The townships are supposedly dangerous; we never approached one to find out, though we did notice that no one at all drives after dark, whether in the city or on the country roads.  Partially I think it’s because there are so few streetlights in general and street signage often doesn’t give much warning of turns and such; part is a slower pace of life and a propensity for commerce to shut down by 6 p.m.  But I suppose that South Africans probably are right when they say their country is dangerous after dark, and not the least from natural predators.

    Another person we met at the conference is from Argentina.  Her parents came over to visit and she took them to her home in Pretoria, a lush suburb north of Johannesburg.  She goes through three locked gates before she gets to her locked front door.  Her parents were shocked at this, but even more surprised when they noticed her place was surrounded by an electric fence. 

    “Is it on?” they asked.

    “It doesn’t do any good if it isn’t,” she answered them.

    Anyway, the townships are an ever-present reminder to the traveler that the troubles of South Africa and the racial divide that was created are hardly a thing of the past—discrimination may be outlawed, but it is still, and obviously, in some of the people we met.  And they economic inequality that was fostered remains to this day.  I will say that of all the fellow hotel visitors, tour takers and tourist shoppers we saw, perhaps 1 out of 40 was black, and that would be a generous estimate.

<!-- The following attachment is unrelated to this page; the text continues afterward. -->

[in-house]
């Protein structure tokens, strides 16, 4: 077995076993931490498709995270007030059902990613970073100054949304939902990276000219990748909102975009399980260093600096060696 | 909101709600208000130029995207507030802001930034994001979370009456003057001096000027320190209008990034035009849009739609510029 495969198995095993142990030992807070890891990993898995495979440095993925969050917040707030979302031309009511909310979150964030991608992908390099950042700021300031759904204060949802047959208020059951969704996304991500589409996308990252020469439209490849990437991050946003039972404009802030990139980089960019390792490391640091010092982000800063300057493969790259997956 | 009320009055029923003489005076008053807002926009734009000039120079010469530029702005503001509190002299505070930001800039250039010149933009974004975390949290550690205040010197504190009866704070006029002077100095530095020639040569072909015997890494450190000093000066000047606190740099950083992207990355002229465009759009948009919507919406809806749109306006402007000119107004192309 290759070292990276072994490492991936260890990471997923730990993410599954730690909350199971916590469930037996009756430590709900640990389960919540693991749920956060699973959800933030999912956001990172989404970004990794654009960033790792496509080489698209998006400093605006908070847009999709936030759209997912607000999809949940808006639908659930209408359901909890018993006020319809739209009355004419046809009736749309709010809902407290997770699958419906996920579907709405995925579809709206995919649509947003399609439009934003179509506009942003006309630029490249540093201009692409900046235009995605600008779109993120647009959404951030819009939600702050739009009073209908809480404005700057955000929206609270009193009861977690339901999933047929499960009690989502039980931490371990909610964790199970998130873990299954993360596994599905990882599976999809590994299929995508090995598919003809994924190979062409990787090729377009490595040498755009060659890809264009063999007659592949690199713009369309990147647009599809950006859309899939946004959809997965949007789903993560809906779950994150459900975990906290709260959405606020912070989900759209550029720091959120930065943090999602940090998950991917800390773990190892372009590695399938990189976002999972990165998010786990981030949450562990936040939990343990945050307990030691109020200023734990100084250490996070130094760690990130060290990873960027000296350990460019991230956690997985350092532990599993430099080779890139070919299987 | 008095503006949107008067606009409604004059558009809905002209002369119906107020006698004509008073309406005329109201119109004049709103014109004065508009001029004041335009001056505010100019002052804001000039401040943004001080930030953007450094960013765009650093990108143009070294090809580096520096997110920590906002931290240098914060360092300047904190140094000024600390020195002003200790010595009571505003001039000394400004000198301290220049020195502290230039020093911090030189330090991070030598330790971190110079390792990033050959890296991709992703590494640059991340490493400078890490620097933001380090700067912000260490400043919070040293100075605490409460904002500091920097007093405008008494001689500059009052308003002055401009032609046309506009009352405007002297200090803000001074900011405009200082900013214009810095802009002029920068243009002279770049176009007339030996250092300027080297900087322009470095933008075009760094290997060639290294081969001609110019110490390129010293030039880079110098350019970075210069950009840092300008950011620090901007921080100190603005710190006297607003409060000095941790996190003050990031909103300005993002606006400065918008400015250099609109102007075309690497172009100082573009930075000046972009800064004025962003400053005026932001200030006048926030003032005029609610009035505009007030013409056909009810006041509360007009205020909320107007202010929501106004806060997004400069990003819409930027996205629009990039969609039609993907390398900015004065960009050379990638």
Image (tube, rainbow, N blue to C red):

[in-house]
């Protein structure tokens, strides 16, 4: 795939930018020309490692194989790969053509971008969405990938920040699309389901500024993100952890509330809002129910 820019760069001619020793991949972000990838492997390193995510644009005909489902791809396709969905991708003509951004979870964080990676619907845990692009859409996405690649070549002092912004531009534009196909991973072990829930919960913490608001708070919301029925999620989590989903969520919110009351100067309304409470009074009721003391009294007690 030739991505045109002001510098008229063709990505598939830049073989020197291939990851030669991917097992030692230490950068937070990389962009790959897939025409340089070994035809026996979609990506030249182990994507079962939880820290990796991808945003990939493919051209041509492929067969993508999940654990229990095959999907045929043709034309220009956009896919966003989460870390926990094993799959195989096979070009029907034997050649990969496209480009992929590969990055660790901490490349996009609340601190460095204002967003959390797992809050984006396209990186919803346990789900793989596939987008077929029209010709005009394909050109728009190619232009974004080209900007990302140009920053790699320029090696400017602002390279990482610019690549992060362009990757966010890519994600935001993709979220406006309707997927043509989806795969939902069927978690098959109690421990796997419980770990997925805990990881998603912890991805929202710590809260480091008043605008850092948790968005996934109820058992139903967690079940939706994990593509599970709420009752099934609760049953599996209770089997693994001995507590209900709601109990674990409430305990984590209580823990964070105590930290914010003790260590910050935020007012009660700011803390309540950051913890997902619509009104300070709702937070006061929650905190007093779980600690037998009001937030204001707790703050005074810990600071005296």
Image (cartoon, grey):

But all this went by quite quickly; we didn’t take a tour of the township, we drove through on the main road, dodging scraggly cows and kids rolling tires for fun down the side of the asphalt.  We turned right and headed inland to Oudtshoorn, once and still the ostrich capital of the world.

  • Overheard

    “The sad truth is that most evil is done by people who never make up their minds to be good or evil.”

    ...who said it?

    “Almost every American I know does trade large portions of his life for entertainment, hour by weeknight hour, binge by Saturday binge, Facebook check by Facebook check. I’m one of them. In the course of writing this I’ve watched all 13 episodes of House of Cards and who knows how many more West Wing episodes, and I’ve spent any number of blurred hours falling down internet rabbit holes. All instead of reading, or writing, or working, or spending real time with people I love.”

    ...who said it?

    “Live a good life. If there are gods and they are just, then they will not care how devout you have been, but will welcome you based on the virtues you have lived by. If there are gods, but unjust, then you should not want to worship them. If there are no gods, then you will be gone, but will have lived a noble life that will live on in the memories of your loved ones.”

    ...who said it?

    “I play with variables constantly.”

    ...who said it?

    “Only the person who has learned Continual Love coming from a heart of Gratitude/Worship can effectively deal with the problem of loneliness.”

    ...who said it?